Welcoming a new customer to your website, service or publication is one of the most important conversations you can have. It sets the tone for the rest of your relationship together – get it wrong and it’s very difficult to claw your way back. Get it right and you have a far better chance of a profitable relationship.
It’s clear that there’s no one-size-fits-all welcome journey – your product is different to mine. Your onboarding might be long and complicated, involving 3rd party suppliers, cooling-off periods and equipment dispatch (such as in the phone & broadband industry) or it might be short and simple (like welcoming you to follow this blog). Your channel mix may vary – it may be entirely online, involve a sales person, a physical welcome pack, a gift… but whatever your situation there are some basic rules to follow.
- Make every communication count – build your journey around relevancy
If we send a communication when we have nothing to say, we damage not this part of the journey but the whole of the future relationship. In the case of email, we’ll diminish the open rates of all subsequent emails.
Building relevancy requires significant work – it will require investigation as to precisely what the customer needs to know at every stage of the journey. It may also require significant content development (online help articles for example).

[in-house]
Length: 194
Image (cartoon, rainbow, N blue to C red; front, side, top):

- Ensure everything is benefit-led
Sounds simple, but in a complex welcome journey, it can be tempting to send purely functional communications. As a good marketer, you can turn that functional message into a benefit led one, can’t you?
Your customer has shared lots of information with you – it makes sense to play that back to them. If you know their name, use it. If you know their communication preferences, use them. Use conditional content based on customer behaviour. Do everything you can to make the customer think they are having a conversation with you and not receiving an off-the-shelf welcome pack.
And you can use the welcome process to build your customer knowledge – using quizzes and surveys for example.
- Make it measurable
Can you measure everything? If not, why are you doing it? What can you learn from it?
I recently worked on a journey which was deemed to be failing. The first measurable email had an open rate of 25% (we should be looking for 50%+ for a welcome email). It turns out that the system sent a number of text only emails before the first marketing email was received. Once we were able to track the first set of emails (sure enough, getting 50% open rate), we were able to see that it was the content of this email that was disengaging customers, leading to the reduced open rate for the rest of the journey.
- Check your sat-nav
Is it a journey or is it a collection of communications? Does the customer have a clear picture of where we’re taking them? If there is no sense of journey, there’s every chance they won’t reach the destination.